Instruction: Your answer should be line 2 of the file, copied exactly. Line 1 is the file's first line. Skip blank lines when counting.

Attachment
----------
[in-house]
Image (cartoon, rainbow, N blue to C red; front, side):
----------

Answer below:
Image (cartoon, rainbow, N blue to C red; front, side):